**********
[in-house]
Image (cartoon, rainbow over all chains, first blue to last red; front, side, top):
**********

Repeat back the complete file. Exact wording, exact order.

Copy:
[in-house]
Image (cartoon, rainbow over all chains, first blue to last red; front, side, top):